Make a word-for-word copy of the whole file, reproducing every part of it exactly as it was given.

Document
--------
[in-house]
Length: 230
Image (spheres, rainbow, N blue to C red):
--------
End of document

[in-house]
Length: 230
Image (spheres, rainbow, N blue to C red):